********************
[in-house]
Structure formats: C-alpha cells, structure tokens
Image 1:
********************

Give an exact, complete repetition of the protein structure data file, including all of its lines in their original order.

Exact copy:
[in-house]
Structure formats: C-alpha cells, structure tokens
Image 1: